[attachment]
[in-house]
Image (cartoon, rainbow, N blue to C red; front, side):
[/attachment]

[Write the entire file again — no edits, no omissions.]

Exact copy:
[in-house]
Image (cartoon, rainbow, N blue to C red; front, side):